</sourceDesc>
</fileDesc>
</teiHeader>
Example 3. A minimal TEI header.

Reference

See Module 2: The TEI Header for detailed information on <teiHeader>.

2.2. Text

2.2.1. Body

The actual text (<text>) contains a single text of any kind. This commonly contains the actual text and other encodings. A text <text> minimally contains a text body (<body>). The body contains lower-level text structures like paragraphs (<p>), or different structures for text genres other than prose: lines (<l>) for poetry, speeches (<sp>) for drama.

<text xmlns="http://www.tei-c.org/ns/1.0">
<body>
<p>For the first time in twenty-five years, Dr Burt Diddledygook decided not to turn up to the annual meeting of the Royal Academy of Whoopledywhaa (RAW). It was a sunny day in late September 1960 bang on noontime and Dr Burt was looking forward to a stroll in the park instead. He hoped his fellow members of theRAW weren't even going to notice his absence.</p>
</body>
</text>
Example 4. A <body> element with paragraphs.

2.2.2. Front

Next to the <body>, a text can optionally contain front matter which may be encoded with <front>. Clear examples are title pages, headers, prefaces, or dedications. Prologues in drama or forewords and introductions in prose may also be considered prefatory material. May, because the encoder may choose simply not to encode the front matter of a text as such. With exception of the title page, for which the TEI defines specific elements, front matter should be encoded using the same elements as the rest of a text. This means that there are no specific elements to encode prefaces, dedications, abstracts, frontispieces etc. Instead, either numbered or un-numbered divisions <div> with an attribute @type are used to distinguish between the different components of a <front> section. The following suggested values for the @type attribute may be used for this purpose:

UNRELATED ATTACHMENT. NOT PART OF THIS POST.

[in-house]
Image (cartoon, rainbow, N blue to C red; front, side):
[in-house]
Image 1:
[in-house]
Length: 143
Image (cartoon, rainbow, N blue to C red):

• "preface": a foreword or preface addressed to the reader
  • "ack": a formal declaration of acknowledgement by the author
  • "dedication": a formal offering or dedication of a text by the author
  • "abstract": a summary of the content of a text as continuous prose
  • "contents": a table of contents. A <list> element should be used to mark its structure
  • "frontispiece": a pictorial frontispiece, possibly including some text